The centennial of the coming of the first shipload of Norwegian immigrants to America led directly in 1925 to the organization, on October 6 of that year, of the Norwegian-American Historical Association. Theodore C. Blegen became [8] managing editor, and with the strong co-operation of the novelist O. E. Rølvaag and of other Norwegian-American leaders, he issued the first publication in 1926: volume 1 of Studies and Records. To date, twenty volumes in this series have appeared; it contains articles, documents, translated immigrant letters, and bibliographical essays, forming a vast kaleidoscopic picture of the coming of Norwegians to America. Five volumes in a Travel and Description Series were issued, including travel accounts and frontier reminiscences and letters. Sixteen special publications, including Blegen’s two studies of Norwegian immigration, complete this impressive list. In addition, many of his articles were contributed to other state and national historical publications in the field of immigration history, and two of his volumes were issued by the University of Minnesota Press. One of these was Norwegian Emigrant Songs and Ballads, in which Professor Martin B. Ruud was Blegen’s collaborator. It contains the immortal "Oleana" ballad, now increasingly popular. The other volume is one of the few collections of immigrant letters conveniently available, Land of Their Choice: The Immigrants Write Home. {5}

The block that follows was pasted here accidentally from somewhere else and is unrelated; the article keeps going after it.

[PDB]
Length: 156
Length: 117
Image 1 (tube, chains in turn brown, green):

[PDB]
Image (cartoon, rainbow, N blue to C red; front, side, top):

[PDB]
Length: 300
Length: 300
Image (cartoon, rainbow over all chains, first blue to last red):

In the latter volume, Blegen expressed most clearly and effectively his views on immigrant history, notably in the brilliant first chapter. He writes: "The immigrant’s image of America, portrayed with a thousand details in letters, is interesting not only as a record of what was thus transmitted directly to vast numbers of people in Europe in the nineteenth century, but also as a propelling force in emigration itself. There has been all too often an air of impersonality in accounts of American immigration. The coming of thirty millions of people was a movement of such magnitude that, to many, it has seemed futile to try to disengage personalities from the mass. Many writers have forgotten the individual man in the surging complex of international circumstances. World forces pushed people out of their accustomed environment; world [9] forces pulled them westward with magnetic power. But the pivot of human motion is individual life. Migration was a simple individual act — a decision that led to consequences —and the ‘America letters’ were a dynamic factor, perhaps the most effective single factor, in bringing discontent to a focus and into action." {6}